Making the Most of Rio 2016 with your Startup Marketing Strategy

5 minutes read
John - 11.05.2016

Everyone loves a good tournament. That’s not a generalisation; the London 2012 Olympics saw close to £10 billion pumped into the UK’s economy, alongside scores of other long-term economic benefits to complement the event’s feel-good factor.

There’s also a lot of evidence out there to support the Wimbledon Effect theory, and it was widely believed that when England missed out on the European Championships in 2008, the UK lost out on upward of £2 billion. Why? Because fewer people were buying football shirts and televisions to support England in the finals.

Sounds amazing, but it’s true. Big sports events generate a lot of interest, and retailers of all shapes and sizes like to align themselves with them in order to capitalise on the public’s fervent interest. Only, not all strategies go to plan. It’s not a simple case of success by association, and a lot of brands get it spectacularly wrong when jumping on the sporting bandwagon.

Over Stateside, Marmot was accused of being homophobic in its Super Bowl ad this year, while Cadillac’s ‘Poolside’ ad during Sochi 2014 was lambasted for its aggressive message. Sometimes it’s just not meant to be, as McDonald’s found out from a huge Twitter backlash after then-mayor Boris Johnson said the company’s food was “absolutely bursting with nutrients”.

In a few months’ time, not one but two international sporting events will occupy the nation’s time: Euro 2016 and the Olympics, held in Rio. For small businesses, these represent opportunities to appeal to new online audiences, but only if they get their startup marketing strategy spot on…

Be coy with your startup marketing strategy

Startup marketing can be tricky for small businesses and SMEs to approach, especially when they’re new to the concept. That’s what makes big events like Rio so attractive; they’re so big that the eyes of the world are following them. If just a small number of those eyes catch sight of their brand, the potential long-term benefits could be incredible.

Content-wise, the theme and the angle is already there – sport. It’s not too hard to relate a business to such a common theme. It’s still a fine line to tread, though, and you have to be careful about how you promote, sell and push your message; especially for smaller brands new to startup marketing.

The above examples we’ve highlighted are from multinational, global companies. Even they get it wrong on the biggest platforms, and the encyclopaedic nature of the internet ensures that the public never forgets these mistakes.

It’s so easy to produce a cheesy campaign, especially if you have no interest in sport and want to harness events like the Olympics to give yourself a growth boost. However, getting your startup marketing campaign and message right in the concept stage can be hugely lucrative, especially if you complement it with a dash of inbound marketing.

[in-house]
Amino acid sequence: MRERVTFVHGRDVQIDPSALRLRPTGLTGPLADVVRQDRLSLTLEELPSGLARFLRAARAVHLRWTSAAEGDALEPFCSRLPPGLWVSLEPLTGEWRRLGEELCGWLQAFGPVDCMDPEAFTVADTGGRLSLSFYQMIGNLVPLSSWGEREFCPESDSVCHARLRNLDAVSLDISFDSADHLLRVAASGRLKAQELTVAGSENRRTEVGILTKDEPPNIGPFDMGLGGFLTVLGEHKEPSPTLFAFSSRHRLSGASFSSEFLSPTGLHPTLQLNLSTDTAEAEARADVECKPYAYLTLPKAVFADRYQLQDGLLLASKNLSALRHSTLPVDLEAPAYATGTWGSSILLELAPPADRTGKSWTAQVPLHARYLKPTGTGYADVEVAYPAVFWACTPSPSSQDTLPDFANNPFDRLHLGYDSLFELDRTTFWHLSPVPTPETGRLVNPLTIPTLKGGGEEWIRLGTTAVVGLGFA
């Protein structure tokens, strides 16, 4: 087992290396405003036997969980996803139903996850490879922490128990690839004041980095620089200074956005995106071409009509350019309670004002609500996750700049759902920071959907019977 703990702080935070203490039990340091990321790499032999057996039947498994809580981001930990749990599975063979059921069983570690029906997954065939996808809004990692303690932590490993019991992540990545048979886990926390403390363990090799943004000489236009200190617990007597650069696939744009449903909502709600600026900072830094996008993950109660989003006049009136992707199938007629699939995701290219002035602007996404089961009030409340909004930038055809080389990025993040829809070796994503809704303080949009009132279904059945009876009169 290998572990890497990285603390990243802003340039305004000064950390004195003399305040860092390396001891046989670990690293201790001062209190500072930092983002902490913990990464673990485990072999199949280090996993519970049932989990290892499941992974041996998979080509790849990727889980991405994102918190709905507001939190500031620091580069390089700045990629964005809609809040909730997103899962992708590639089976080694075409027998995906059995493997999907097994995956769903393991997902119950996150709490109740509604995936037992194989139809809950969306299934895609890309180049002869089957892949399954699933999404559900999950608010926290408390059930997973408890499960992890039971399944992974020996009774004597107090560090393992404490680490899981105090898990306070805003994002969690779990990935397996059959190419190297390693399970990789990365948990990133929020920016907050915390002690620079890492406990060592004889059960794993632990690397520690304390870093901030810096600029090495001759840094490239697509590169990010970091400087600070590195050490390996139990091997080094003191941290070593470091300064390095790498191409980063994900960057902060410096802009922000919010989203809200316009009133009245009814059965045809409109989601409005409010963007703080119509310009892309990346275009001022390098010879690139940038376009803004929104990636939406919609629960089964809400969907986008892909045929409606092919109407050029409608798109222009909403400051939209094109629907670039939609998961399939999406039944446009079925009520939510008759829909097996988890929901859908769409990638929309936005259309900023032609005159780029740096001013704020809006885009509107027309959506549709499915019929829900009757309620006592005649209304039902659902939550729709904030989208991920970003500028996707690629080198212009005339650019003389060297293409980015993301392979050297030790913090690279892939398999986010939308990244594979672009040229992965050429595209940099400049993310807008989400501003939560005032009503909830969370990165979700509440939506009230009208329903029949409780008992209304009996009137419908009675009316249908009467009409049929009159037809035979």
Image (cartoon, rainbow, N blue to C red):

Win gold with our startup marketing agency

Retired England second row forward Ben Kay makes a great point about sports sponsorship, especially where the Olympics are concerned. The former rugby player is now an ad agency partner, and recently told industry publication The Drum how important insight is when it comes to campaigns - and how frivolous it can be to create ads with lots of style and little substance.

This makes sense. What’s the point of having a flashy image of an athlete representing your brand in an ad if potential customers don’t engage with it and dig deeper to find out more about you? That’s a problem inbound marketing can solve, and is something we’ve used with one of our own clients – gym software specialists Membr – to help them enter new, international markets.

You need to be able to create a meaningful link between your brand and events like the Olympics in order to build an audience. This is where startup marketing can show real results. Complemented by a proper inbound strategy that includes biddable media, social marketing and other techniques, you can effectively target people that aren’t just interested in the event, but who are also likely to listen to your brand and be attracted to your offer.

A startup marketing strategy that simply jumps on trends like the Olympics can indicate to people that there’s not much beneath the surface. Profiling potential customers and creating an ad that appeals to them though, will have you standing top of the winner’s podium every time.

The times are changing, outbound is outdated and in some cases, can be potentially dangerous for your brand financially and in a reputational sense. Big fines are being handed out to serial data offenders. With inbound you can avoid this and get the best from your leads so read our blog “How to create Inbound Strategy Masterclass” for more information.

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